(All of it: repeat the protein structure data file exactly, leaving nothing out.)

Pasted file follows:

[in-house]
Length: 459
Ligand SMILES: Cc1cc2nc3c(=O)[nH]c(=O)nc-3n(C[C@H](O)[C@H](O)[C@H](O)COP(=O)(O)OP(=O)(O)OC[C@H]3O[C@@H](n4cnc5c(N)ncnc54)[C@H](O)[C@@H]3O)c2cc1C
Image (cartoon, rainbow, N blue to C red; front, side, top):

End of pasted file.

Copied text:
[in-house]
Length: 459
Ligand SMILES: Cc1cc2nc3c(=O)[nH]c(=O)nc-3n(C[C@H](O)[C@H](O)[C@H](O)COP(=O)(O)OP(=O)(O)OC[C@H]3O[C@@H](n4cnc5c(N)ncnc54)[C@H](O)[C@@H]3O)c2cc1C
Image (cartoon, rainbow, N blue to C red; front, side, top):